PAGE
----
While not a cannabis household name, being that it’s a secondary monoterpene usually present in low concentrations in cannabis, cymene is actually a very common terpene found in more than 100 plants and 200 foods , many of which are highly popular. This is good news, as the terpene seems to have a myriad of potential health benefits.
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Cymene in Plants and Foods
Some of cymene’s most popular “appearances” include staples like oregano, eucalyptus, cilantro, thyme, cumin, coriander, and many more.  The terpene is also used as a flavoring agent in meats and other foods. Para-cymene, or p-cymene, is the common naturally-occurring form.
The odor of cymene has been described as soft and pleasant with woody, spicy, and citrus tones. 
Thyme oil is actually a common constituent of cleaning detergents; cymene is a key component of this oil .
Furthermore, cymene, in combination with carvacrol, a monoterpenoid phenol, was found to inactivate E.coli in apple juice , which could imply a synergetic relationship that is in line with the idea of the entourage effect.
Anti-Inflammatory and Analgesic
Cymene has demonstrated anti-inflammatory and analgesic properties in two separate studies on mice. In the first one, the terpene proved to slow down the onset of pain , and in the latter, the mechanism behind these properties was traced back to cymene’s activity on the opioid system and inflammatory cytokines . This is in line with another study’s findings, which revealed cymene modulates in vitro and in vivo cytokine production; as pain reduction was “mediated by the activation of opioid receptors,” the authors suggested “involvement of descending pain-inhibitory mechanisms.”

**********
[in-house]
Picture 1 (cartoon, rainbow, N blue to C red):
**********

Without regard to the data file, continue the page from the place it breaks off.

Antioxidant and Neuroprotective
Cymene has also been described as a natural antioxidant by Brazilian scientists , and as such, it has also been found to exhibit neuroprotective properties by reducing oxidative stress in brain cells .
Cymene has been combined with metallic agents (e.g., osmium or ruthenium) to form complexes explored as an anti-cancer agents on laboratory-produced human cells. Organometallic cymene managed to induce cell death via apoptosis in ovarian cancer  and lung cancer , giving scientists a reason to believe in its anti-cancer potential and interest in future research.
With extraction innovations and our understanding of cannabis constantly advancing, generally low levels of cymene in cannabis can likely be overcome, opening avenues for cannabinoid and terpene mixology and optimal synergetic therapeutic benefits.
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